Evidence of Hiring Discrimination Against the Second Generation: Results from a Correspondence Test in the Swiss Labour Market
Eva Zschirnt ()
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Eva Zschirnt: European University Institute
Journal of International Migration and Integration, 2020, vol. 21, issue 2, No 13, 563-585
Abstract While there is ample evidence of discrimination against ethnic minority candidates in hiring, most existing studies have focused on stigmatised immigrant groups. Using a correspondence test to ethnic discrimination in the Swiss labour market is enumerated, varying the a priori stigma of the immigrant groups. The field experiment compares candidates with Swiss names against candidates with German, Kosovar and Turkish names in a paired correspondence test spanning four occupations. Results from attitude research in Switzerland lead to the expectation that these groups will face different rates of discrimination, with candidates with Kosovar names being the most stigmatised and candidates with German names facing the least discrimination. Between October 2017 and April 2018, applications were sent in response to 560 real vacancies in the German-speaking area of Switzerland. Across the minority groups, the relative call back rate was 1.13, meaning that minority candidates have to write 1.13 times as many applications as majority candidates to be invited for a job interview. The relative call back rates differ by the ethnic origin: Germans experience almost no discrimination across all occupations, Turks face a relative call back rate of 1.14, and Kosovars encounter the highest relative call back rate across occupations (1.26). We conclude that existing studies may give the false impression that all immigrants suffer from substantive discrimination in the labour market because they focus on stigmatised groups.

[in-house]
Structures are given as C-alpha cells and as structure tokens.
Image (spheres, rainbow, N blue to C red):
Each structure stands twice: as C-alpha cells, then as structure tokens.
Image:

Keywords: Ethnic discrimination; Labour market; Hiring; Correspondence testing; Switzerland (search for similar items in EconPapers)
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